[OPE-L:4993] Re: Production and Circulation

Paul Cockshott (wpc@cs.strath.ac.uk)
Tue, 13 May 1997 09:38:31 -0700 (PDT)

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> From: riccardo bellofiore <bellofio@cisi.unito.it>
> To: Multiple recipients of list <ope-l@anthrax.ecst.csuchico.edu>
> Subject: [OPE-L:4992] Re: Production and Circulation
> Date: 13 May 1997 16:53
> If Colletti's and
> Rubin's view according to which the abstraction of labour is actually
> realized in exchange - a point of view which I think is shared by most
> people on this list (and, BTW, also by myself) - how can we sum up the
> various private labours expended in production? To the question: what
> capitalism is, the answer usually given is: "the exchange of commodities
> for money". That's why it is not possible to divorce value from money.
> note, in this argument the labour expended in the various spheres of
> production are nothing but concrete labours, before exchange.

Paul C:
In my view this is really putting the cart before the horse.
It is the fact that human labour is a polymorphous productive
capacity that makes it abstract, not the commodity form of its
product. The abstraction of labour is realised whenever people
change jobs. It is this, and only this that gives abstract labour
any meaning. If people could not change jobs, it would make no
sense to abstract from what they are presently doing and treat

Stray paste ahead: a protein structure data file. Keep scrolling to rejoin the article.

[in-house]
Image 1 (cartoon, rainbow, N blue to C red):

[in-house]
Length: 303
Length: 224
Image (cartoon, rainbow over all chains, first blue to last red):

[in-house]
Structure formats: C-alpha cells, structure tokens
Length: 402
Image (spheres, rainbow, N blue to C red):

their time alone as a social resource. If they could not change
jobs, but were genetically programmed to perform the same thing,
a market system would be impossible.

> But if this is how matters stand, how can it be said that there is a
> priority of the production of value over its expression circulation, so
> that we can say: labour produces value, value is expressed in money? This
> other sequence seems to be quite Marxian as the other: value is actually
> born at the intersection of production and circulation, labours become
> socially homogeneous in exchange, there is no quantitative magnitude of
> value before exchange. Before exchange we have only a qualitative
> about the exclusive productivity of labour, where it is not clear how
> different labours can be made equal before exchange.

Different labours are equal prior to the exchange of their products
to the extent that people can move from one activity to another, either
directly as individuals or between the generations.

> Suggestion: may be there is a problem here in Marx, because both
> are in Marx. The problem is to ground a position where value is born at
> intersection of production and circulation without cancelling the
> of the production of value over its realization. It is not easy, because
> there seems to be a logical contradiction here.
It is not easy as you want to sneak an almost neo-classical conception of
in the back door with this talk of value being born at the intersection
of production and exchange.